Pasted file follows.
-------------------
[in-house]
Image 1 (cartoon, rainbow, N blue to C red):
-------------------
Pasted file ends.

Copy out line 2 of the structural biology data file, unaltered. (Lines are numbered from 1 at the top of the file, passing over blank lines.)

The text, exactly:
Image 1 (cartoon, rainbow, N blue to C red):